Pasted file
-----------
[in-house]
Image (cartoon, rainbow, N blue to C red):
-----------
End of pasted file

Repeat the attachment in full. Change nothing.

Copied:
[in-house]
Image (cartoon, rainbow, N blue to C red):